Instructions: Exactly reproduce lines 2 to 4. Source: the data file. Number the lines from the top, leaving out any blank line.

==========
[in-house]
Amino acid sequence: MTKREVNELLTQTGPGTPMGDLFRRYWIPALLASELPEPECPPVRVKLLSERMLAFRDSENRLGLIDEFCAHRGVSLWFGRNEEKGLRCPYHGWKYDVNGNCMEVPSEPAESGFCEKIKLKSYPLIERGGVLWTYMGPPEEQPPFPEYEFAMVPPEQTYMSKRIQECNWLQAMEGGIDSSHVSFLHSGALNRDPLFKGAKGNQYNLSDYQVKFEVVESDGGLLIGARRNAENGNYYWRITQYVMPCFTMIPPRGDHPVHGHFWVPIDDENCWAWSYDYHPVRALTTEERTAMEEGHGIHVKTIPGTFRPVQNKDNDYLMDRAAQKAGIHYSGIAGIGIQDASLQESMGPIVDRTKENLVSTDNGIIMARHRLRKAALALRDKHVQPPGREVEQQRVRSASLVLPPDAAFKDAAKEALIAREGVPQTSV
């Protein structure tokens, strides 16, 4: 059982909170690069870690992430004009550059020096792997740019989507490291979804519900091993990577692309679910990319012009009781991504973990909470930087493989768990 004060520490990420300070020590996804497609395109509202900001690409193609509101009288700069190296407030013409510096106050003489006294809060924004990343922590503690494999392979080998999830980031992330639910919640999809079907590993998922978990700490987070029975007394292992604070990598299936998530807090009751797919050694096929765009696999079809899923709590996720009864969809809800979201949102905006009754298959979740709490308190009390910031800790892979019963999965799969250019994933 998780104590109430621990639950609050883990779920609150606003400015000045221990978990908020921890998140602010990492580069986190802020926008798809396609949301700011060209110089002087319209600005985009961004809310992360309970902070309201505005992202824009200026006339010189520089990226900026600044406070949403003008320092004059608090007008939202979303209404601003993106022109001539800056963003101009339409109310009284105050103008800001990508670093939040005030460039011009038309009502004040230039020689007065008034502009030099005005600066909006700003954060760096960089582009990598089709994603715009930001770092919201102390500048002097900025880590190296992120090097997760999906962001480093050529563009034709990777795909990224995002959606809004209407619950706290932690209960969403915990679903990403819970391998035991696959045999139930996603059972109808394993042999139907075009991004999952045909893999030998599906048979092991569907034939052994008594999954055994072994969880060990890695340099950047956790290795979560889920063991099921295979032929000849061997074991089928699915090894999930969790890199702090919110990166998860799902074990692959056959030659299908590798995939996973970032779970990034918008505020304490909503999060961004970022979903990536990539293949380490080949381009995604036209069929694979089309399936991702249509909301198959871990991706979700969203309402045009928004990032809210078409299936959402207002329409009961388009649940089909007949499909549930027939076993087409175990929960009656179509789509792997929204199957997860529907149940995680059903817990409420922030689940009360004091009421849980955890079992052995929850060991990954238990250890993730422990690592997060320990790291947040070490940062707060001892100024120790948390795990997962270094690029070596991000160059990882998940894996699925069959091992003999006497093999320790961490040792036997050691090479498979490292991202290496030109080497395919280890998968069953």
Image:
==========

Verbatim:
Amino acid sequence: MTKREVNELLTQTGPGTPMGDLFRRYWIPALLASELPEPECPPVRVKLLSERMLAFRDSENRLGLIDEFCAHRGVSLWFGRNEEKGLRCPYHGWKYDVNGNCMEVPSEPAESGFCEKIKLKSYPLIERGGVLWTYMGPPEEQPPFPEYEFAMVPPEQTYMSKRIQECNWLQAMEGGIDSSHVSFLHSGALNRDPLFKGAKGNQYNLSDYQVKFEVVESDGGLLIGARRNAENGNYYWRITQYVMPCFTMIPPRGDHPVHGHFWVPIDDENCWAWSYDYHPVRALTTEERTAMEEGHGIHVKTIPGTFRPVQNKDNDYLMDRAAQKAGIHYSGIAGIGIQDASLQESMGPIVDRTKENLVSTDNGIIMARHRLRKAALALRDKHVQPPGREVEQQRVRSASLVLPPDAAFKDAAKEALIAREGVPQTSV
């Protein structure tokens, strides 16, 4: 059982909170690069870690992430004009550059020096792997740019989507490291979804519900091993990577692309679910990319012009009781991504973990909470930087493989768990 004060520490990420300070020590996804497609395109509202900001690409193609509101009288700069190296407030013409510096106050003489006294809060924004990343922590503690494999392979080998999830980031992330639910919640999809079907590993998922978990700490987070029975007394292992604070990598299936998530807090009751797919050694096929765009696999079809899923709590996720009864969809809800979201949102905006009754298959979740709490308190009390910031800790892979019963999965799969250019994933 998780104590109430621990639950609050883990779920609150606003400015000045221990978990908020921890998140602010990492580069986190802020926008798809396609949301700011060209110089002087319209600005985009961004809310992360309970902070309201505005992202824009200026006339010189520089990226900026600044406070949403003008320092004059608090007008939202979303209404601003993106022109001539800056963003101009339409109310009284105050103008800001990508670093939040005030460039011009038309009502004040230039020689007065008034502009030099005005600066909006700003954060760096960089582009990598089709994603715009930001770092919201102390500048002097900025880590190296992120090097997760999906962001480093050529563009034709990777795909990224995002959606809004209407619950706290932690209960969403915990679903990403819970391998035991696959045999139930996603059972109808394993042999139907075009991004999952045909893999030998599906048979092991569907034939052994008594999954055994072994969880060990890695340099950047956790290795979560889920063991099921295979032929000849061997074991089928699915090894999930969790890199702090919110990166998860799902074990692959056959030659299908590798995939996973970032779970990034918008505020304490909503999060961004970022979903990536990539293949380490080949381009995604036209069929694979089309399936991702249509909301198959871990991706979700969203309402045009928004990032809210078409299936959402207002329409009961388009649940089909007949499909549930027939076993087409175990929960009656179509789509792997929204199957997860529907149940995680059903817990409420922030689940009360004091009421849980955890079992052995929850060991990954238990250890993730422990690592997060320990790291947040070490940062707060001892100024120790948390795990997962270094690029070596991000160059990882998940894996699925069959091992003999006497093999320790961490040792036997050691090479498979490292991202290496030109080497395919280890998968069953």
Image: